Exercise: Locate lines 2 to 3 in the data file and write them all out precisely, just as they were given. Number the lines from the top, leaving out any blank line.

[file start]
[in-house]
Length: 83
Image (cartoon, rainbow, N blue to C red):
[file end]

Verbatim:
Length: 83
Image (cartoon, rainbow, N blue to C red):